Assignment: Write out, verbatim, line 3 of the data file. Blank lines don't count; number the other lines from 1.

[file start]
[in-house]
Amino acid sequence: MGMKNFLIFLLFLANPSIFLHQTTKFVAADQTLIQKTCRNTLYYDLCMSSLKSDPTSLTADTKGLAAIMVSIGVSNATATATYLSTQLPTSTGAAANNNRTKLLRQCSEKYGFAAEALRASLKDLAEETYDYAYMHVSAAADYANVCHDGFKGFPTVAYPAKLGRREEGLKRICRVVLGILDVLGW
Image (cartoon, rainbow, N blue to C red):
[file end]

Image (cartoon, rainbow, N blue to C red):